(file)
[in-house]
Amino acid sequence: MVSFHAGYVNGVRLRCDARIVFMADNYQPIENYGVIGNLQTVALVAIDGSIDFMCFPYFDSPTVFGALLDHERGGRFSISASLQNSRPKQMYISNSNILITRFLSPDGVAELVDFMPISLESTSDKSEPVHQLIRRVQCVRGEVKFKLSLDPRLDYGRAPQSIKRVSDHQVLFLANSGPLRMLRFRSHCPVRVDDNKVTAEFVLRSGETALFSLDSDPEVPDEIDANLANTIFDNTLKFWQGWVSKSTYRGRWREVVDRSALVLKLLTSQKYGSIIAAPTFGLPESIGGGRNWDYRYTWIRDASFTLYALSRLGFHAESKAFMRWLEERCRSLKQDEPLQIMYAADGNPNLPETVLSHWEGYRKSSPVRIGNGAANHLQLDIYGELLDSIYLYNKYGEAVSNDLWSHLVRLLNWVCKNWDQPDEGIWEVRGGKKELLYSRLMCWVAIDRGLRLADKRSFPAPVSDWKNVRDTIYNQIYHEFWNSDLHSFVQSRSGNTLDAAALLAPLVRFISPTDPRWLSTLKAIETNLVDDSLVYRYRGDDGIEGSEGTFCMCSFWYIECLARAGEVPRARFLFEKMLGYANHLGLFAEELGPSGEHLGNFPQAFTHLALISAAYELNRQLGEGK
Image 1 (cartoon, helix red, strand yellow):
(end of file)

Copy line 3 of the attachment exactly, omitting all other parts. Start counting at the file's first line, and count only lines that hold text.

Image 1 (cartoon, helix red, strand yellow):